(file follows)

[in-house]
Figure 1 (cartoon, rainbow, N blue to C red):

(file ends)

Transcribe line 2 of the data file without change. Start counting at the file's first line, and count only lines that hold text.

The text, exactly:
Figure 1 (cartoon, rainbow, N blue to C red):